For detailed information, see
Reinhard et al., 2002
Following anesthesia (see animal documentation), the mice were intubated according to standard procedures (Brown et al. 1999) by inserting a 28 G i.v.-catheter (Sims Portex) 10 mm deep into the trachea. The animals were attached to the ventilator with the following settings:
Measurements were performed in duplicate except where noted, and the means were calculated and are available in the submitted data sets. Only the expiratory reserve volume [ERV] was measured once because it requires a full expiration which causes stress to the animal and induces atelectasis.
Briefly, measurements were performed using a computer-controlled piston-type servo ventilator. The ventilator provides for positive pressure ventilation of intubated mice and for defined respiratory maneuvers for lung function tests. Respiratory flow signals were given from movements of the respirator piston. Concentrations of the respiratory and the test gases, He and C18O, were measured by a magnetic sector field mass spectrometer. A miniaturized pressure transducer enables the measurement of airway opening pressure (Pao). A second pressure transducer, located at the end of a thin-walled, water-filled tube connected to an esophageal cannula allows monitoring of the esophageal pressure (Poe). The flow signal, Pao, Poe and gas concentration signals were continuously recorded on a multi- channel recorder. Additionally, during the lung function measurements all signals of interest were digitized and recorded on a PC.
Lung volumesInspiratory reserve capacity [IC] is the volume slowly inspired over 10 seconds from functional residual capacity [FRC] to a tracheal pressure of + 25 cm H2O. To account for differences in lung size between animals or strains, the duration of inspiration rather than the inspiratory flow rate was standardized during this and all other test maneuvers.
Expiratory reserve volume [ERV] is the volume slowly expired over 10 seconds from functional residual capacity [FRC] to a tracheal pressure of ~10 cm H2O.
Functional residual capacity [FRC] was determined by the helium dilution technique where a rebreathing volume of 80% IC labeled with 1% He in 21% O2, balance N2, was applied at a rate of 50 per minute for 15 cycles. The inspiratory and the mixed helium concentrations were determined by mass spectrometry and used for calculation of FRC.
The evaluation of inspiratory reserve capacity, expiratory reserve volume, and functional residual capacity allowed the calculation of:
vital capacity [VC] = IC + ERV
residual volume [RV] = FRC-ERV
Lung volumes related to body weight were calculated to account for differences in body size between mice; body weight was used in the calculation as a simple measure of body size.
ComplianceStatic compliance of the respiratory system [CRS] was determined from the linear portion of the pressure-volume curve obtained during a 6-second exhalation from TLC to almost RV. Static compliance of the lung [CL] was derived from the transpulmonary pressure-volume curve. Static compliance of the thorax [CTh] was determined accordingly.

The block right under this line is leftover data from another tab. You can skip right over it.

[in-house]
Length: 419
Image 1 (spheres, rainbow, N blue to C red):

Dynamic compliances of the respiratory system [C_dyn] were determined from the Pao-pressure differences at the points of flow reversal at breathing rates of 50, 90, and 130 breaths/min. During these measurements the tidal volume was set to 40% of IC for two subsequent breaths.
ResistanceRespiratory system resistance [R] was derived from the recordings of flow and Pao-pressure during the dynamic compliance maneuver at 130 breaths/min. The resistance was calculated from the change in airway pressure and flow at isovolumetric points (mid-inspiratory and mid-expiratory volume). Respiratory system resistance was corrected for the resistance of the cannula.
Helium expirogramSee Figure 1
Intrapulmonary gas mixing and series dead space volume were obtained from single-breath washin measurements. A test-gas containing breath (1% He in air) was applied over 3 seconds from relaxed expiratory level to TLC and back to slightly below FRC over 7 seconds without a breathhold. The alveolar slope of helium [slope] (change of partial pressure per unit of expired volume) was obtained by least squares fit of the gas tracing between 50% and 80% of expired volume (phase III) and normalized to the difference between inspired and mixed-expired partial pressures [n_slope].
Series dead space volumes were obtained from single-breath
washin measurements according to the conventional Fowler
method [VDF] and the Bohr method [VDB]. Due to the
experimental setup, dead space volume includes the volume of
the tracheal cannula (16 µl) and excludes the upper airways.
Pulmonary diffusing capacityDiffusing capacity for carbon monoxide [D_CO] was obtained from measurements of the rate of uptake of the indicator gas (C18O) and its transfer gradient, which is the partial pressure difference for C18O between the alveoli and the pulmonary capillary red cells. The single breathholding method as recommended by the European Respiratory Society adopted to the present experimental conditions was used (Cotes et al., 1993). The inspiration of test gas started from the relaxed expiratory level to TLC over a period of 3 seconds followed by a breathholding time of 3 seconds to ensure complete distribution of the tracer gas helium in the alveolar region of the lung. The diffusing capacity of carbon monoxide was determined using Equation 8 of Cotes et al. (1993). The diffusing capacity was related to the alveolar volume VA to assess its influence on the C18O transfer.
Alveolar volume [VA] was determined from the dilution of helium in the lung present in the breath of test gas. Equation 9 of Cotes et al. (1993) was applied for calculation.
Figure 1 - Helium expirogram